This bank has been busy improving its credit card business with better Japanese payment experience and expanded miles reward program
EastWest Banking Corporation has been growing its business through strategic partnerships. In fact, Mitsubishi Motors Philippines Corporation (MMPC), the second-biggest seller of automobiles in the country, hailed Eastwest Bank as the brand’s top bank partner for 2021.
EastWest Banking Corp. has also renewed its existing partnership with Singapore Airlines for five more years with the benefits-packed credit card, the EastWest Singapore Airlines KrisFlyer Mastercard.
Added to this, EastWest Bank has partnered with JCB International Co., the only international payment brand from Japan. Such partnership resulted in the launching of a new credit card that will bring forth the Japanese payment experience to the Philippines.
Today, we look at one of the institution’s unit investment trust funds (UITF). On top of examining the fund’s portfolio, we will provide you with the current Uniform Accounting Performance and Valuation Tearsheet for one of the fund’s largest holdings.
Philippine Markets Newsletter:
Friday Uniform Portfolio Analytics
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EastWest Banking Corporation has launched a new credit card – the EastWest JCB Credit Card, which is the fruit of its partnership with JCB International Co. The signing of the memorandum of agreement (MOA) to seal this partnership was held at the Hotel Okura Manila last November 2022.
Unlike most other issuing partnerships, JCB and EastWest Bank support the provision of Japan’s “customer-centered focus” into everyday banking products used by Filipinos. The President and COO of JCB International pointed out that the MOA signed was historic since EastWest Bank is the first issuing partner of JCB in the Philippines for the past 25 years.
While there is positive growth in the bank’s services and partnerships, let us also take a glimpse of its investment activities, focusing on one of its UITFs, the EastWest PSEi Tracker Fund.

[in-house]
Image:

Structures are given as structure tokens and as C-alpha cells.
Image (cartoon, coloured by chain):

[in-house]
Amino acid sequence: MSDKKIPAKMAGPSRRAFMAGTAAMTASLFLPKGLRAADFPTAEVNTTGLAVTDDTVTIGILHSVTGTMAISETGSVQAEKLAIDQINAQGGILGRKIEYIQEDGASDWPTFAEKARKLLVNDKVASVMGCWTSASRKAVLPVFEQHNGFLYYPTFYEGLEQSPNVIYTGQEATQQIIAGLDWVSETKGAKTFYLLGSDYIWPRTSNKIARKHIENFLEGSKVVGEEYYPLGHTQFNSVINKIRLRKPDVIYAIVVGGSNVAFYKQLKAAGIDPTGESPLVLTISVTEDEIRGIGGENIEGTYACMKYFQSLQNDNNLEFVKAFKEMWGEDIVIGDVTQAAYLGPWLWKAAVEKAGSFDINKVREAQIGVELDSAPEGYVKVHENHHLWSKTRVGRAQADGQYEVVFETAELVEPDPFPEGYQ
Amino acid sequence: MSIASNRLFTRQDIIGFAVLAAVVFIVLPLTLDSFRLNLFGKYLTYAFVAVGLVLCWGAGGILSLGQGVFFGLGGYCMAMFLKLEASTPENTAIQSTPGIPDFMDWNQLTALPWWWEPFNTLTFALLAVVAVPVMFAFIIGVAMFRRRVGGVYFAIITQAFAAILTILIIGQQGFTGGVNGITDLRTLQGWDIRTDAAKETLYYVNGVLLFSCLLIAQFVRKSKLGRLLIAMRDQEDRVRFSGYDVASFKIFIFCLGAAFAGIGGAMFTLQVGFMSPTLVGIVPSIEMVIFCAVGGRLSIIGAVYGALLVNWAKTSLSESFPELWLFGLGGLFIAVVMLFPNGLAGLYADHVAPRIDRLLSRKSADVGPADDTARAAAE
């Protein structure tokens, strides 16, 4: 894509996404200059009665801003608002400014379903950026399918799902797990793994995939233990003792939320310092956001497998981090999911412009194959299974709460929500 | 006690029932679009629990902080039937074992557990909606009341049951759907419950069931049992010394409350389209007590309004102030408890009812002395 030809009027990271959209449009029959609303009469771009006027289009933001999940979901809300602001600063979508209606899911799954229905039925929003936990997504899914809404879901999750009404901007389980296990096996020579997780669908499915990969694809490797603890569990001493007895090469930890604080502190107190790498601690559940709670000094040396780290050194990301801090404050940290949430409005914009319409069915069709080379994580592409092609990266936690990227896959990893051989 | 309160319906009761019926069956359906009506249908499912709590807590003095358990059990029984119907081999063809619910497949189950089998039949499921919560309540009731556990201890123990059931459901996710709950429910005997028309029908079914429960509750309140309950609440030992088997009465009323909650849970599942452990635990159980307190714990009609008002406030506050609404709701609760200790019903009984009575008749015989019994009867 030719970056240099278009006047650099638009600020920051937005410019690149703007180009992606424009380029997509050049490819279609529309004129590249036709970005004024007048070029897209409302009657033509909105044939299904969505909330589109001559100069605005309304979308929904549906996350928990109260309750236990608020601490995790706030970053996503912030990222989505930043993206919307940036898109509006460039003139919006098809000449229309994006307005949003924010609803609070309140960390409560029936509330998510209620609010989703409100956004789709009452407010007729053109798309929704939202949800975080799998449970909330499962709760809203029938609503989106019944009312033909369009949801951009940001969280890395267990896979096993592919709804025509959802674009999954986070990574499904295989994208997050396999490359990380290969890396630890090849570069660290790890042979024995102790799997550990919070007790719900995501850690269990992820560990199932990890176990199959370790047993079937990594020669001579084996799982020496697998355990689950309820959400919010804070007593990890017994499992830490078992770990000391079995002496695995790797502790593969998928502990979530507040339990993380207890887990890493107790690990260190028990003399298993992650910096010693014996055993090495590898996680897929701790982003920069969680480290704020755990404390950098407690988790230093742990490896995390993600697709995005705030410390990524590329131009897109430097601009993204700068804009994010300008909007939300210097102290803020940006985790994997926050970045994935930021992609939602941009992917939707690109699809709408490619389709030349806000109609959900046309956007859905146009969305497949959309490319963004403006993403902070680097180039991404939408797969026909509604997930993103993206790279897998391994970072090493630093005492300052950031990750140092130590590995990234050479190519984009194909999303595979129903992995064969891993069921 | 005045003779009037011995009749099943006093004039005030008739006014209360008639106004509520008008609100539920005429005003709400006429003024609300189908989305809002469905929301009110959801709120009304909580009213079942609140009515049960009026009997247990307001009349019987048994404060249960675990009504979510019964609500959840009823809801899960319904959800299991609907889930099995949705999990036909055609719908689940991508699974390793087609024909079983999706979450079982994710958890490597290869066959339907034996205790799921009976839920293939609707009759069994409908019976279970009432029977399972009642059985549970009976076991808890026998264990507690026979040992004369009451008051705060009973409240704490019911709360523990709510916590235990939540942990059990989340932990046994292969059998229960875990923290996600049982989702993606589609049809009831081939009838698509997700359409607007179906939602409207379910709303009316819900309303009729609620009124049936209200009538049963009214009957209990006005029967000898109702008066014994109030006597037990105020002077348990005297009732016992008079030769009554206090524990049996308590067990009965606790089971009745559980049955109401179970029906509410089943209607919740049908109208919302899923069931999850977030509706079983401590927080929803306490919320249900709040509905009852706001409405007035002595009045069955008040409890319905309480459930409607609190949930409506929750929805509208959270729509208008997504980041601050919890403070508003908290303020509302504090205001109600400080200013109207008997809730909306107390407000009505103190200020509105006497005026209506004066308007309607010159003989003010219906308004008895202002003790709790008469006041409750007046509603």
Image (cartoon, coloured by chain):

The EastWest PSEi Tracker Fund was launched on December 1, 2015 and passively managed by EW Trust & Asset Management Group. It seeks to achieve investment returns that track the performance of the Philippine Stock Exchange Index (PSEi) by investing in a diversified portfolio of stocks comprising the PSEi in the same weights as the index.
- At its inception in December 2015, EastWest PSEi Tracker Fund’s beginning net asset value per unit (NAVPU) was PHP 100. The fund’s value initially shrunk to PHP 87 or 12.6% in January 2016 when the decline in exports of manufactured products reflected the general weakness of the global manufacturing sector. Its benchmark slightly outperformed at 12%.
- At the start of 2018, the fund began to grow by 43% while slightly underperforming PSEi which grew by 44% following the new transition of leadership in the country. However, before the year ends, the fund shrunk by 22% while its benchmark shrunk by 23%.
- After two years of stable movement, the fund’s NAVPU dropped to PHP 66, a 31% shrinkage from its price in October 2018, following the announcement of the lockdown due to COVID-19. PSEi slightly underperformed by 33% shrinkage during the same period.
- The fund was able to recover at PHP 104 by the start of 2021 from its bottom in March 2020, and the fund’s 57% growth slightly underperformed its benchmark growth of 58%. This is due to the availability of COVID-19 vaccines and fewer restrictions on economic activities.
- In response to the U.S. Fed’s aggressive raising of interest rates to fight inflation, the fund had a stable average price of around PHP 94 in the third quarter of 2022, and its movement was aligned with its benchmark.
- By the first quarter of 2023, the fund and PSEi reached by 8% and 11% shrinkage, respectively. Since its inception, the fund outperformed its benchmark, recording a 2% shrinkage versus PSEi’s 6% shrinkage.